The Lived Places Publishing Asian Studies Collection aims to increase our understanding of Asians in the world and the students of the world’s understanding of Asia. Our exploration of the people of Asia includes the Asian- and Indo-Pacific and the Asian Arctic regions. Books in the Asian Studies Collection will explore stories of people’s experiences in Asia through lived places, tangible and intangible, and a multitude of angles and perspective.
Past and present lives have always unfolded in places, be they physical or imagined. This book collection intends to root our knowledge of Asian politics, economies, societies, ethnicities, religions, military affairs, law, medicine, technologies, and cultures in the places where people live—not in the abstract “nonplace” of the Asian region or diaspora. Which meanings do we attach to the places we live? How do lived experiences within Asia change the way one looks at oneself and others? Do narratives and histories enchant places or do places enchant their inhabitants?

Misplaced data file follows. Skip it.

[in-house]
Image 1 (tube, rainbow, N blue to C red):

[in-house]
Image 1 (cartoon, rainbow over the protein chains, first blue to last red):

We seek empirically driven manuscripts of 30,000-60,000 words that bear individual and/or collective voices with compelling lived stories involving Asia, the Asian diaspora, and/or others living in Asian places. For seasoned writers, my role as collection editor will be that of occasional progress-checker, deadline-reminder, and draft reader. For first-time writers, my role will be that of co-strategist, frequent draft commentator, and general encourager. For those in-between, we will come up with an arrangement that will permit authorial freedom and editorial feedback.
Ready to get started? Reach out to Dr Callahan using the form below, or get more detail about our proposal guidelines.
Dr Dong Wang is a historian of U.S.-China relations, modern and contemporary China, and China and the world. She is a naturalized American citizen (since 2006) and a permanent German resident (since 2012) based in Boston, Massachusetts, the Lower Rhine of Germany, and Shanghai where she holds a university chair in history. She conducts original research in Chinese, English, French, German, and Japanese while also learning Russian.
Her books include Longmen’s Stone Buddhas and Cultural Heritage: When Antiquity Met Modernity in China (2020), The United States and China: A History from the Eighteenth Century to the Present (2nd and rev. ed. 2021), Managing God’s Higher Learning: U.S.-China Cultural Encounter and Canton Christian College (Lingnan University), 1888-1952 (2007), and China’s Unequal Treaties: Narrating National History (2005).
Please fill out the form to contact Dong directly: